Each producer has his own method of cheddaring, adding starters and dealing with cheese mites but all of them honor this time consuming traditional process to create absolutely beautiful cheese. There is a purpose behind maintaining the value of clothe-bound cheddars that can only be understood when you open a wheel and inhale its rich aromas, slice off a piece and savor the creamy pungent texture. That is, of course, why we preserve the traditions of our past and value the processes that have been perfected through generations.

I look forward to a good grilled cheese and tomato soup lunch.

Bosnia or Bust

I find that as my time in Italy races forward, the more I live in the moments presented and spend less time writing about them. I know I am going to regret this if I don’t get my thoughts down for future reference.

A few weeks ago I went on my fourth stage and my first stage outside of Italy.  I traveled to Bosnia and Croatia to study how ethnobiology in these regions was affected  by war. As we loaded onto our small gold bus, no one really knew quite what to expect, including our professor.  We covered 4500 kilometers in 6 days, crossed 5 borders, acquired a stigmata, stayed in a Croatian campground, 2 Bosnian homes and on a remote island about a three hour boat ride from the mainland. It was mind-bending. I never would have taken this trip on my own. I was barely becoming an adult when the war in Bosnia began. I remember thinking that it sounded horrible but seemed out of my sphere. I knew nothing about Bosnia really. And years later, I was here.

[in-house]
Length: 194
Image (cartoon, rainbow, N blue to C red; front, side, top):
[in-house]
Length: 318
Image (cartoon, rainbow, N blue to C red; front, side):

To reach my first residence in Martin Brod, we had to cross a bridge that had been blown up and replaced…sort of. Bosnia is beautiful with forested mountains and rivers crossing and falling down sides of wild landscape. It was hard to imagine how brutal the war was here. We were forbidden to wander off the roads because there are still several minefields, yet in many places, I would watch young children running across fields to school. I hoped they knew more than I did.

While being hosted by a group of women in Bosnia, we learned about what it meant to survive.  Of the 80 women in this support group, 30 of them had lost children. The majority of them lost their husbands. They fled from their homes and foraged for sustenance to feed their families.

After the war, there was nothing left but to pick up the pieces and move forward. Many people didn’t know how to do this. How do you come home to a land that has been violently turned upside down? Without the support of each other, many of the women we met returned alone and broken. To create a community, these women gathered and began working on tactile projects; they began preserving and weaving and cooking. They also began to heal, slowly. I had to honor of looking into their eyes while they told me their stories. How could I not be moved?

The bus was small and we had lots of rain and mud. However, I am here to learn what I can and have been given these moments to take what I want. I am choosing to take  a little bit of humble grace and gratitude.  I am also the happy owner of a small hand woven rug, knit from old clothing.